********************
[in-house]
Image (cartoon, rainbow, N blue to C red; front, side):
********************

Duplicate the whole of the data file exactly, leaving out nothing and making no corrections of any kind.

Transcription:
[in-house]
Image (cartoon, rainbow, N blue to C red; front, side):